Trump May Have Encouraged 'Violent Acts' at Biden's Inauguration, Warns Twitter

Following its Friday decision to permanently suspend President Donald Trump's account, social media platform Twitter released a blog post listing its reasons for banning the president—including that his tweet about not attending President-elect Joe Biden's inauguration may encourage his supporters to commit acts of violence at the ceremony.

The blog post listed two of Trump's Friday tweets as the reasons for banning his account. The first was his tweet that read: "The 75,000,000 great American Patriots who voted for me, AMERICA FIRST, and MAKE AMERICA GREAT AGAIN, will have a GIANT VOICE long into the future. They will not be disrespected or treated unfairly in any way, shape or form!!!"

The second was his announcement that he wouldn't attend the inauguration: "To all of those who have asked, I will not be going to the Inauguration on January 20th."

Twitter said that both posts "must be read in the context of broader events in the country and the ways in which the President's statements can be mobilized by different audiences, including to incite violence, as well as in the context of the pattern of behavior from this account in recent weeks"—and that the tweets violated guidelines against the glorification of violence.

The social media platform shared five bullet points, explaining the factors that led to the decision. The first bullet point said that Trump's announcement of him not going to the inauguration signaled to his supporters that the election was not legitimate—a contradiction to previous statements in which the president said there would be an orderly transition of power.

The second bullet point explained that Trump's tweet on skipping the inauguration "may also serve as encouragement to those potentially considering violent acts that the Inauguration would be a 'safe' target, as he will not be attending."

...fight to ensure that only legal votes were counted. While this represents the end of the greatest first term in presidential history, it’s only the beginning of our fight to Make America Great Again!”

— Dan Scavino🇺🇸🦅 (@DanScavino) January 7, 2021

Other points included criticisms of Trump calling his supporters "American patriots" and speaking about having a "giant voice" going forward. Twitter's blog post said that the former point has been interpreted by some as support for the violence at the Capitol, while the latter has been construed as another denouncement of an orderly transition of power.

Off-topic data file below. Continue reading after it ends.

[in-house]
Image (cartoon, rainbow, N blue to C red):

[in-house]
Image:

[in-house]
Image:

Twitter's final point emphasized that further armed protests have been discussed both on the platform and off. It also noted another possible attempt at storming the Capitol could occur on January 17.

Concluding its blog post, Twitter said that it was taking steps to avoid allowing a platform to people that would copy those who invaded the Capitol.

"As such, our determination is that the two Tweets above are likely to inspire others to replicate the violent acts that took place on January 6, 2021, and that there are multiple indicators that they are being received and understood as encouragement to do so," the post ended.

Meanwhile Chris Krebs, former director of the Cybersecurity and Infrastructure Security Agency, warned about the possibility of future violence and said that action should be taken to prevent it.

"There's gonna be violence in the run-up to the inauguration," he said during an interview with CNN Friday.

Among the steps he called for to prevent it was Trump himself calling the election fair and free, disavowing previous statements.

"There's going to be more violence," warns Chris Krebs, the former US Director of the Cybersecurity and Infrastructure Security Agency, who was fired by Pres. Trump. "There is going to be violence in the run-up to the inauguration. This is not over. There will be more." pic.twitter.com/M1YkeWHLDs

— CNN Tonight (@CNNTonight) January 9, 2021

Newsweek reached out to the White House and the Trump campaign for comment.

Twitter Donald Trump Suspended
The suspended Twitter account of U.S. President Donald Trump appears on an iPhone screen on January 08, 2021 in San Anselmo, California. Citing the risk of further incitement of violence following an attempted insurrection on Wednesday, Twitter permanently suspended President Donald Trump’s account. Justin Sullivan/Getty